Tipping Point?


Dutrow in happier days.

“RICK DUTROW DONE,” was the search term that led someone to Railbird this morning, presumably seeking more on yesterday’s shocking news that the KHRC denied the trainer a Kentucky license because of his lengthy list of violations and license application inconsistencies. “I never thought I’d see the day when a big-name trainer was held to task for his misdeeds,” tweeted Ryan Goldberg. Regardless of what happens next, there’s no denying, as the Racing Post put it so well, that “controversial trainer Rick Dutrow hit a new career low” on Wednesday. He has a chance to hit another in May, when New York reviews his license, or possibly when his biggest client, IEAH, pulls its stock from his barn. “Obviously, we can’t be in a position where our horses can’t run in certain jurisdictions,” Michael Iavarone told DRF.

A restraining order will make it possible for Amen Hallelujah, entered by Dutrow before his hearing, to start in the Vinery Madison today*.

Brooklyn Backstretch has posted a timely interview with RCI president Ed Martin on Dutrow’s record and the letter Martin wrote to the NYSRWB in February calling for an examination of his license: “His record is his record.” That’s just it, and Dutrow doesn’t help himself when he makes excuses:

He also said any misinformation on his license applications were not intentional but were due to the fact others completed the paperwork for him, and he just signed it.

Or refuses to take responsibility:

Dutrow said that was because he could not remember whether the incident occurred within the time frame stipulated on the application, but the committee could get copies of his criminal record in order to get the specifics.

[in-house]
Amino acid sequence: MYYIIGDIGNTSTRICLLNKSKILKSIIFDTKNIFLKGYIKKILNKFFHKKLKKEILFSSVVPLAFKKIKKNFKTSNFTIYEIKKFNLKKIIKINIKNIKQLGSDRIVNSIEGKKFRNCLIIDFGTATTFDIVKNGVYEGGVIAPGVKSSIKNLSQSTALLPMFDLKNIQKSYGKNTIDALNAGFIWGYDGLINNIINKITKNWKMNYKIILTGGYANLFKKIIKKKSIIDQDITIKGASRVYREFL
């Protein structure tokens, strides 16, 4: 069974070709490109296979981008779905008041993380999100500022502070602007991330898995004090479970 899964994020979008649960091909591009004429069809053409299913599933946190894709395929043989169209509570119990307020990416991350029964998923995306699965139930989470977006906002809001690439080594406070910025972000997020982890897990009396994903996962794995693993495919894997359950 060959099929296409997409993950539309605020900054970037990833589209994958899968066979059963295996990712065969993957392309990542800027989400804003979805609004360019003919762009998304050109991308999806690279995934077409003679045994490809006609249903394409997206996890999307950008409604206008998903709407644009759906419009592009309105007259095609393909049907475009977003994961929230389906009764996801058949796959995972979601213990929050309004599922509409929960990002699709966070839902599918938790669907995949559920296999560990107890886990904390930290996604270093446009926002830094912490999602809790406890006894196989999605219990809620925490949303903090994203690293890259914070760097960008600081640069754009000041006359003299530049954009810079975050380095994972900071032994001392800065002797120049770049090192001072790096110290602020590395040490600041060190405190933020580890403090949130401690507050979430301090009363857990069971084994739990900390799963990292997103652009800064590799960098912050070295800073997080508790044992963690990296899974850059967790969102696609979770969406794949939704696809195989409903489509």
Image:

What made the KHRC decision all the more interesting was the context. It’s spring, and racing seems to be in the mood to clean house. The movement to ban raceday medications is suddenly gaining real momentum. The latest group to sign on is the Breeders’ Cup, which announced today that its board:

… also endorsed in principle the recently announced recommendation of the Association of Racing Commissioners International (RCI) to eliminate the use of race-day medications in North American racing and decided to appoint a sub-committee with the objective of developing a plan and a timetable for the elimination of race-day medication in the Breeders’ Cup World Championships.

American racing is going drug-free! I don’t see what could stop … oh, right:

Saying they support efforts to limit race-day medications, two prominent Thoroughbred trainers said they hope the initiatives do not go so far as to ban use of the anti-bleeder drug known as Salix.

The horsemen are going to take to some work to win over:

The Kentucky Horsemen’s Benevolent and Protective Association, which represents all licensed owners and trainers, hasn’t discussed stricter medication rules, said president Rick Hiles, a trainer.